Fenton cleaning strategy for ceramic membrane fouling in wastewater treatment

Shengyin Tang , Lixun Zhang , Yi Peng , Jing Liu , Zhenghua Zhang


Received April 01, 2019,Revised , Accepted June 14, 2019, Available online June 24, 2019

Volume 31,2019,Pages 189-199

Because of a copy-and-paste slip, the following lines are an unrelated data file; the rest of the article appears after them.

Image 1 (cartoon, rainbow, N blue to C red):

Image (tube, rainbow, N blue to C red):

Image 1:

Membrane fouling is an obstacle impeding the wide applications of ceramic membranes and organics are responsible for most of the membrane fouling issues in wastewater treatment. In this study, Fenton cleaning strategy was firstly proposed to clean ceramic membrane fouling in wastewater treatment. Fe2+ efficiently catalyzed fouling cleaning with H2O2 (1.5%) to recover the filterability of ceramic membrane. The maximum ∆ TMP recovery (over 99%) was achieved at an optimal Fe2+ dosage of 124 mg/L after 6 hr of immersion cleaning. The total residual membrane fouling resistance decreased gradually from this optimum value as the Fe2+ dosage increased above 124 mg/L. The residual hydraulically reversible fouling resistance accounted for most of the membrane fouling and was basically removed (≤ 3.0 × 109 m−1) when Fe2+ dosages higher than 124 mg/L were used. The foulants responsible for the formation of a residual hydraulically reversible fouling layer (DOC (dissolved organic carbon), proteins, polysaccharides, EEM (fluorescence excitation-emission matrix spectra), SS (suspended solids), and VSS (volatile suspended solids)) were gradually removed as the Fe2+ dosage increased. These residual organic foulants were degraded from biopolymers (10–200 kDa) to low molecular weight substances (0.1–1 kDa), and the particle size of these residual foulants decreased significantly as a result. The strong oxidation power of hydrogen peroxide/hydroxy radicals towards organic foulants was enhanced by Fe2+. Fe2+ played a significant role in the removal of hydraulically reversible fouling and irreversible fouling from the ceramic membrane. However, Fe2+ (≥ 124 mg/L) increased the likelihood of forming secondary iron-organics aggregates.

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